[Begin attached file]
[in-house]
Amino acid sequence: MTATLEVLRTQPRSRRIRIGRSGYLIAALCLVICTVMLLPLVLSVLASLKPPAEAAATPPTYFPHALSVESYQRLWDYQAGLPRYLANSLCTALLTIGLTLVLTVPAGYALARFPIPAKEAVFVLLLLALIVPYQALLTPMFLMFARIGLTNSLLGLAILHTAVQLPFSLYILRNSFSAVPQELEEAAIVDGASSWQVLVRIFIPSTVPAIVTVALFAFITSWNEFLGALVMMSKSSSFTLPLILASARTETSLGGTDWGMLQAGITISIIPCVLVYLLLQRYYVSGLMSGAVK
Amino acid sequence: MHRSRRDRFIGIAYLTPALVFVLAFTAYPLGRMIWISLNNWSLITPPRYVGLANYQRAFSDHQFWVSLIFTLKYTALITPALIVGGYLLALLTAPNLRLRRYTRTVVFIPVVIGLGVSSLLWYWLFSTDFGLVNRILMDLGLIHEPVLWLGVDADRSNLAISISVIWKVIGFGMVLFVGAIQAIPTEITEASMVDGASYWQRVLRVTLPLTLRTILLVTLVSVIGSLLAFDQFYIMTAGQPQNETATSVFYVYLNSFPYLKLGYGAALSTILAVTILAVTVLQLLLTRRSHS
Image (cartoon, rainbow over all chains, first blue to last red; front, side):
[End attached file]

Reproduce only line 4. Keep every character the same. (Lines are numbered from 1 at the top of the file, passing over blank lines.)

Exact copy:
Image (cartoon, rainbow over all chains, first blue to last red; front, side):